Planning an exit out of the easy money regime
RBI embarked on an extraordinary expansionary policy to manage the financial pressures unleashed by COVID-19.
RBI slashed policy interest rates aggressively, flooded the market with an unprecedented amount of liquidity and instituted a slew of measures for targeted assistance to especially distressed sectors.
The RBI must be planning for a non-disruptive exit out of the easy money regime.
Indeed, one of the big lessons of the global financial crisis is that any missteps on the exit path by way of commission, omission, or importantly communication, can be costly in macroeconomic terms.
So what are the challenges that the RBI will confront on the way out?
Biggest Challenge: restraining inflation and supporting the recovery.
Monetary Policy Committee (MPC) review in early December - Inflation remained above the RBI’s target band for the past several months, and according to the RBI’s own estimates, is expected to remain above the band for the next several months.
The MPC expects inflation to soften on its own in the weeks ahead as supply chains, disrupted by the lockdown, normalise, and the bumper winter crop comes into the market.
There is the risk that persistent high inflation expectations would result in food inflation getting more generalised.
Core inflation could firm up because of rising input prices.
‘Excessive margins’, among the factors cited by the MPC as one of the causes of high inflation, may not disappear if firms, regaining pricing power amid demand recovery, raise prices to mend their balance sheets.
Recovery is still fragile
large industries are okay, MSMEs and informal sector are bleeding
Second challenge will be to withdraw the ‘excess’ liquidity in good time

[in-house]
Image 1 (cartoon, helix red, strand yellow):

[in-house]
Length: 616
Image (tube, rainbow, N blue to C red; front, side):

Banks are depositing trillions of rupees everyday with RBI
The lesson from the taper tantrums clearly is that the RBI will have to manage its communication as carefully as it does the liquidity withdrawal.
The RBI is confronted with a classic case of ‘the impossible trinity’ — of keeping doors open for capital flows while simultaneously maintaining a stable exchange rate and restraining inflation.
Govt preparing for COVID-19 vaccine roll-out, holds meeting with states, UTs on CoWIN software
PM Modi to virtually interact with all Chief Ministers today on vaccine roll-out
Country's COVID-19 recovery rate reaches 96.42 pc
Animal Husbandry department issues advisory to Bird Flu affected States to avoid further spread of disease
Education Ministry issues guidelines for identification, admission and continued education of migrant children
Prakash Javadekar extends his best wishes to citizens on the occasion of World Hindi Day (10-January)
PM Modi to address valedictory function of 2nd National Youth Parliament Festival on Tuesday
Govt notifies rules for facilitating renewal of International driving licence while travelling abroad
Over 1,200 crore rupees to be spent for safe movement of wildlife on National Highway
Brazil seeks two million doses of Covishield vaccine from India on priority basis
Indonesia plane crash tragedy: Prime Minister Narendra Modi expresses grief - Black boxes of crashed Indonesian airplane located
The Government today said that more than 70 lakh paddy farmers have been benefited from current Kharif Marketing Season Procurement Operations with Minimum Support Price, MSP value of over one lakh crore rupees.
The Agriculture Ministry said, the government continues to procure Kharif crops at its Minimum Support Price from farmers as per its existing MSP schemes.
Around 532 lakh tonnes of paddy have been procured from 20 states including Punjab, Haryana, Uttar Pradesh, Jammu and Kashmir, Andhra Pradesh and
The Government through its nodal agencies has also procured over two lakh 83 thousand tonnes of Moong, Urad, Groundnut Pods and Soyabean benefitting more than one lakh 51 thousand farmers.